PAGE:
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Progressives, hawks brawl over nuclear modernization spending in 2022 defense budget

US Rep. Ilhan Omar (D-MN) (L) talks with Speaker of the House Nancy Pelosi (D-CA) during a rally with fellow Democrats before voting on H.R. 1, or the People Act, on the East Steps of the US Capitol on March 08, 2019 in Washington, DC. (AFP photo)
A deactivated Titan II nuclear intercontinental ballistic missile (ICBM) is seen in a silo at the Titan Missile Museum, in Green Valley, Arizona, the US, on May 12, 2015. (File photo by AFP)

Nuclear weapons are emerging as one of the top political brawls in Washington, with progressives and hawks on Capitol Hill fighting over how much the nation should spend on costly nuclear modernization programs in next year’s defense budget.

Leading progressive voices in Congress are urging US President Joe Biden to terminate the development of several new nuclear weapons as part of a broader effort to cut spending and reduce the role of atomic bombs in military strategy.

Republicans are also pushing back with their own letters and op-eds calling on the Biden administration to expand America’s nuclear modernization programs, which mostly began during the administration of his former boss, Barack Obama.

The back-and-forth over nuclear modernization reflects the broader political divide facing the new administration as it prepares to present its first National Defense Authorization Act to Congress.

Top Republicans on the House Armed Services Committee urged Biden in a letter on Thursday to increase defense spending by 3 to 5 percent, citing nuclear modernization needs as well as bolstering cyber and naval capabilities.

“As you prepare your administration’s fiscal year 2022 (FY22) budget for submission to Congress, we urge you to reject demands from many on the left to cut or freeze defense spending at current levels,” ranking member Rep. Mike Rogers, Republican from Alaska and a number of his colleagues wrote to Biden.

“The next four years are going to be a crucial period for our military and our nation,” they added. “If we do not make the investments our military needs today, we will not be able to defend our nation or our allies in the future.”

The recommendation was in line with a recent report by the hawkish Heritage Foundation that offered its annual recommendations for the upcoming defense budget, calling on the Biden administration to boost defense spending by 3 to 5 percent while acknowledging that skyrocketing debt and pressing domestic needs mean hikes will be difficult if not impossible.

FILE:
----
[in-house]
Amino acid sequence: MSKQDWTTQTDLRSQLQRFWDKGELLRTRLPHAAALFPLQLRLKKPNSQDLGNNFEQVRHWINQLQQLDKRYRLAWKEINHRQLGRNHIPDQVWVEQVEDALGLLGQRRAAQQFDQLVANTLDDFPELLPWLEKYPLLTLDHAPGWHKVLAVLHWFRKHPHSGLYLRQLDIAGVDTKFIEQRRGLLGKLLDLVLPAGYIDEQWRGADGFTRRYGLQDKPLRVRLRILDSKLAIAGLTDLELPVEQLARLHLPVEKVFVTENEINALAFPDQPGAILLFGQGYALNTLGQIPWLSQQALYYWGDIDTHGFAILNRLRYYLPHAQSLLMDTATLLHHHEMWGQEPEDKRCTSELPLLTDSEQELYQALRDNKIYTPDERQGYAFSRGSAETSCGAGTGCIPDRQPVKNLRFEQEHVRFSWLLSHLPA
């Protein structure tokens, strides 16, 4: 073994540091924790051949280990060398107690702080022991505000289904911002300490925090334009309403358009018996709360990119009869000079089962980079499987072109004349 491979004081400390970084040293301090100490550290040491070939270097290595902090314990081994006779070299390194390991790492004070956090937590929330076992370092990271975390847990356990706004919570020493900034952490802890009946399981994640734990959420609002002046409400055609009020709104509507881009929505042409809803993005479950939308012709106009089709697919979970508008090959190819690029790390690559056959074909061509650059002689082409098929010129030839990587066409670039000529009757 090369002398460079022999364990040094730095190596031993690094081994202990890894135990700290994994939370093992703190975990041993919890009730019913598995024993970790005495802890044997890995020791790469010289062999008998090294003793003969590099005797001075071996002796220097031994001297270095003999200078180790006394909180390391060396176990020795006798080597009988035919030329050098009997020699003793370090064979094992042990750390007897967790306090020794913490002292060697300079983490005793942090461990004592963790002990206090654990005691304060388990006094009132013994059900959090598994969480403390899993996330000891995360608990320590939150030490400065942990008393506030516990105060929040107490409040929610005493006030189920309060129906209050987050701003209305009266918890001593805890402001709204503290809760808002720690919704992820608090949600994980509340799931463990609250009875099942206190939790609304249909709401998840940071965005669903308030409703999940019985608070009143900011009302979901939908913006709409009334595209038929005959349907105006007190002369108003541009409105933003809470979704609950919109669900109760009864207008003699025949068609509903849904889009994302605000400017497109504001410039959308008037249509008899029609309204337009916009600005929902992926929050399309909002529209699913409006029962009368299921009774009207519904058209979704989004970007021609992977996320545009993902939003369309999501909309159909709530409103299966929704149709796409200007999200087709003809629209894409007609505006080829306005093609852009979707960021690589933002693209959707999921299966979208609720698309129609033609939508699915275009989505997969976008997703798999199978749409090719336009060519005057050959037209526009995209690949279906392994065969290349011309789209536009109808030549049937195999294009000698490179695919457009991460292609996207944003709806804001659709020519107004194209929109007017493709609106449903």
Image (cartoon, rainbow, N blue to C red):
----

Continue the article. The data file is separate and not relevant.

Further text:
The report also called on Congress to “robustly fund DOD nuclear modernization programs to accelerate their schedules rather than provide the bare minimum needed.”

On the other side of the aisle, Democrats and progressives have also expressed concern about the price tag associated with nuclear modernization programs, in particular an intercontinental ballistic missile (ICBM) known as the Ground-based Strategic Deterrent (GBSD).

The accumulated cost of the nuclear modernization could reach an estimated $1.7 trillion over 30 years, according to a 2017 Government Accountability Office report.

Democratic Senator Chris Van Hollen of Maryland and Rep. Joe Courtney, Democrat from Connecticut, introduced legislation on Thursday to prohibit production and deployment of the nuclear-armed sea-launched cruise missile and its associated warhead.

“Putting new, expensive nuclear warheads on attack submarines and surface ships that haven’t carried those weapons in almost thirty years is a distraction that will suck precious resources away from the most pressing need of the US Navy—namely, to increase the size of its overworked fleet,” Rep. Courtney, who sits on the House Armed Services Committee, said in a statement.

“This legislation is a commonsense bill that will stop the hemorrhaging of precious Navy dollars for a wasteful program that Congress barely debated,” the congressman added.

In a letter on Thursday, Senator Ed Markey, Democrat of Massachusetts, and Democratic Rep. Ro Khanna of California also urged President Biden to make sure that his fiscal 2020 budget request will “reflect the hard, cold reality that there is no such thing as a winnable nuclear war.”

“The United States can retain a safe, secure, and effective nuclear deterrent which is also affordable and enhances our national security,” the lawmakers said.

They specifically called on Biden, among other things, to “pause further development” of the $100 billion Ground Based Strategic Deterrent program, one of the most controversial aspects of the nuclear modernization program. 

The new nuclear weapon under development will be able to travel some 6,000 miles, carrying a warhead more than 20 times more powerful than the atomic bomb dropped on Hiroshima.

The US Air Force is reportedly plannig to order 600 of them.

The United States currently has over 3,800 stockpiled strategic and non-strategic warheads in its nuclear arsenal. That is on top of the 2,385 retired warheads awaiting dismantlement.

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